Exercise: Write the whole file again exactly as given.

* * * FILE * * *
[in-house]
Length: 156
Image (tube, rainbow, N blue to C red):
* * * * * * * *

[in-house]
Length: 156
Image (tube, rainbow, N blue to C red):